Saturday, January 31, 2009

KILLER MOVIE (2008) d. Jeff Fisher

Reviewed by Rick Trottier

Mocking pop culture and lampooning modern society is both easy to do and a very treacherous choice if you are doing so in your feature film. So much of our daily existence is so repugnant and moronic, providing exceedingly fertile ground and an abundant cinematic harvest when it comes to parody. The problem is that tackling any recent topic will badly date your film and in succeeding years, viewers may find your narrative tedious at best and at worst it will be absolutely irrelevant. However, turning down the chance to satirize something as inane and intellectually noxious as “Reality TV” is absolutely impossible to refuse and deserves all of our considerable support, for few blights on civilization have arisen in recent years that are more deadly to the mind than the reality television series, with the possible exception of a prefrontal lobotomy. When you ridicule something as idiotic as that and do so in the guise of a horror film, it is going to be a delicate balancing act as to whether your film will be campy, cruddy, childish or simply churlish. KILLER MOVIE somehow navigates some very choppy and challenging waters and ends up being a mildly entertaining film that will likely appeal to a surprisingly wide audience and for an even broader range of reasons.

KILLER MOVIE is the story of a young, down-on-his-luck director named Jake Tanner, who has been hired to film a reality series set far off in the wilds of White Plains, North Dakota. He must somehow find a way to work with a shrewish female producer and her sycophantic assistant, an exceedingly spoiled and loathsome diva of a celebrity/actress, a crew that is comprised of quirky goofballs, neophytes and self-absorbed technophiles, and somehow get the hayseed locals to accept this intrusion into their “small town lives”. It isn’t long before crew members start disappearing, putting a crimp in production, yet stocking the larder of a sadistic killer. Somehow, Jake and his cohorts have got to find a way to dodge the sharp implements of this maniac and salvage their troubled show all in the same fell swoop.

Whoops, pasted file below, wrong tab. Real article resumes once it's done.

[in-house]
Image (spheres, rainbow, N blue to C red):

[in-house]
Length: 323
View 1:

KILLER MOVIE started off showing very little promise. The mix of “Real Life” style video journal segments with a chronological plot narrative didn’t seem to mesh very well, producing a grating end product that felt like it was never going to be cohesive. Add to that a very sizable cast of characters that was being juggled somewhat haphazardly, and I had my doubts whether I would be able to finish this film without breaking a tooth or two during fits of anger. Before the one-third mark of the movie though, the plot settled down and some of the more interesting story and character components become to assert themselves, primarily those of a spoof. The satire of KILLER MOVIE is mostly a subtle mockery of the tenets of reality TV, television production in general and the foolishness of most celebrities. At times, more ham-handed derision is added into the mix to liven up the pace of the film, which after its uncertain start begins to build momentum and then move along steadily towards its crescendo. At the start of the flick, the horror elements seemed to be the most obnoxiously silly parts of the plot, but ever so slightly that began to change. As each dead body was added to the pile of kills, each murder became a little more stylish and gruesome, but all the while iconic methods of dispatching the victims were employed by a masked perpetrator who was clearly garbed in such a way so that no viewer could ever take these scenes totally seriously. The resulting blend of TV parody with a gently reverential nod to classic slasher films came off as astoundingly sophisticated for a mainstream send-up. What made this film work in the end is that it never took itself totally seriously as a horror flick but still tried to develop a small degree of suspense and drama, had nothing but contempt for pop culture in general and Reality TV specifically and it kept moving at a brisk but steady pace. Had there been a few less characters to manage and the story could have focused on developing some of the more compelling personalities, the humor could have been a little more intense. While I was impressed by the dry nature of the “comedy”, I smirked 98% of the time and never really laughed out loud. That is far and away a better result than most comedies where I downright scowl through their puerile attempts to be funny, but I would have liked this film to be somewhat more humorous.